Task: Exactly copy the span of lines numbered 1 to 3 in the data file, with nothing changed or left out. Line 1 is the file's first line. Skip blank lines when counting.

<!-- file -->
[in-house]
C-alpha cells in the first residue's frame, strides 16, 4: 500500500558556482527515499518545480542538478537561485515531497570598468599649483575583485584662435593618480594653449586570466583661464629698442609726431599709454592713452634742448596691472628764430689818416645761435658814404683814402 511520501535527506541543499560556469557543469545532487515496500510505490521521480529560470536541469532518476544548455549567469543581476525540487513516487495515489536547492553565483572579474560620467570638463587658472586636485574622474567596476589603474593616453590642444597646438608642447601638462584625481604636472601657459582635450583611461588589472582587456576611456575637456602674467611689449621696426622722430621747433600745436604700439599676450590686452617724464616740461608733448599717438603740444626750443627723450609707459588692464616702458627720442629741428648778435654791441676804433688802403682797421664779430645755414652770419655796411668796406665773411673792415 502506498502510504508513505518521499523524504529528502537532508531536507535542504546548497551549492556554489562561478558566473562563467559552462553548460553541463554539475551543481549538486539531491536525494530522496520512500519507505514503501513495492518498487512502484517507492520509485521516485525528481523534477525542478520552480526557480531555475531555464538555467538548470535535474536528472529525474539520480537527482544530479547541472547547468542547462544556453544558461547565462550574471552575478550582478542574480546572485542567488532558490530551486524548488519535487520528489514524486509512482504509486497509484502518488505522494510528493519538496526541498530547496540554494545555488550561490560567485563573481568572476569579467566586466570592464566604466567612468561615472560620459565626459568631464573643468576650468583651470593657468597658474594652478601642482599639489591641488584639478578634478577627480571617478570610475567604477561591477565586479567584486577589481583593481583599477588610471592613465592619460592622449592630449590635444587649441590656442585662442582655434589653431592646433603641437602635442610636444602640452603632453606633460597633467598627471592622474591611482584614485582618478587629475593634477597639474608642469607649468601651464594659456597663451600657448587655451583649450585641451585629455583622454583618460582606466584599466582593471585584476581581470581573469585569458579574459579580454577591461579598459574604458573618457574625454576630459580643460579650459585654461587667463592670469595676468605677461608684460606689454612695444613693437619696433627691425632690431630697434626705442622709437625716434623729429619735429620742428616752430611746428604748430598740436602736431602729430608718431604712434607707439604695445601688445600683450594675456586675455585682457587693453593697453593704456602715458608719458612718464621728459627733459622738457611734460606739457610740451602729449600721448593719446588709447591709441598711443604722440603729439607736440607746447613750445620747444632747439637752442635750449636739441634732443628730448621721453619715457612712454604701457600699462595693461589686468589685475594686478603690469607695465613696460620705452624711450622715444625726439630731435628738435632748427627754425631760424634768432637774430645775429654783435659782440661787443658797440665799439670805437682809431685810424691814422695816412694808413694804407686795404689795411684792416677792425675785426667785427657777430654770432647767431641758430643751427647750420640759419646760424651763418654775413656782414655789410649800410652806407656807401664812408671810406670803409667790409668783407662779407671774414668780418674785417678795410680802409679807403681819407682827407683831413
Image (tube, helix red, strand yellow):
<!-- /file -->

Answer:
[in-house]
C-alpha cells in the first residue's frame, strides 16, 4: 500500500558556482527515499518545480542538478537561485515531497570598468599649483575583485584662435593618480594653449586570466583661464629698442609726431599709454592713452634742448596691472628764430689818416645761435658814404683814402 511520501535527506541543499560556469557543469545532487515496500510505490521521480529560470536541469532518476544548455549567469543581476525540487513516487495515489536547492553565483572579474560620467570638463587658472586636485574622474567596476589603474593616453590642444597646438608642447601638462584625481604636472601657459582635450583611461588589472582587456576611456575637456602674467611689449621696426622722430621747433600745436604700439599676450590686452617724464616740461608733448599717438603740444626750443627723450609707459588692464616702458627720442629741428648778435654791441676804433688802403682797421664779430645755414652770419655796411668796406665773411673792415 502506498502510504508513505518521499523524504529528502537532508531536507535542504546548497551549492556554489562561478558566473562563467559552462553548460553541463554539475551543481549538486539531491536525494530522496520512500519507505514503501513495492518498487512502484517507492520509485521516485525528481523534477525542478520552480526557480531555475531555464538555467538548470535535474536528472529525474539520480537527482544530479547541472547547468542547462544556453544558461547565462550574471552575478550582478542574480546572485542567488532558490530551486524548488519535487520528489514524486509512482504509486497509484502518488505522494510528493519538496526541498530547496540554494545555488550561490560567485563573481568572476569579467566586466570592464566604466567612468561615472560620459565626459568631464573643468576650468583651470593657468597658474594652478601642482599639489591641488584639478578634478577627480571617478570610475567604477561591477565586479567584486577589481583593481583599477588610471592613465592619460592622449592630449590635444587649441590656442585662442582655434589653431592646433603641437602635442610636444602640452603632453606633460597633467598627471592622474591611482584614485582618478587629475593634477597639474608642469607649468601651464594659456597663451600657448587655451583649450585641451585629455583622454583618460582606466584599466582593471585584476581581470581573469585569458579574459579580454577591461579598459574604458573618457574625454576630459580643460579650459585654461587667463592670469595676468605677461608684460606689454612695444613693437619696433627691425632690431630697434626705442622709437625716434623729429619735429620742428616752430611746428604748430598740436602736431602729430608718431604712434607707439604695445601688445600683450594675456586675455585682457587693453593697453593704456602715458608719458612718464621728459627733459622738457611734460606739457610740451602729449600721448593719446588709447591709441598711443604722440603729439607736440607746447613750445620747444632747439637752442635750449636739441634732443628730448621721453619715457612712454604701457600699462595693461589686468589685475594686478603690469607695465613696460620705452624711450622715444625726439630731435628738435632748427627754425631760424634768432637774430645775429654783435659782440661787443658797440665799439670805437682809431685810424691814422695816412694808413694804407686795404689795411684792416677792425675785426667785427657777430654770432647767431641758430643751427647750420640759419646760424651763418654775413656782414655789410649800410652806407656807401664812408671810406670803409667790409668783407662779407671774414668780418674785417678795410680802409679807403681819407682827407683831413
Image (tube, helix red, strand yellow):